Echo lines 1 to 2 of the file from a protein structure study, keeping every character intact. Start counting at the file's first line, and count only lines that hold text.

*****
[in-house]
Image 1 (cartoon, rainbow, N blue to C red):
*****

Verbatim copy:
[in-house]
Image 1 (cartoon, rainbow, N blue to C red):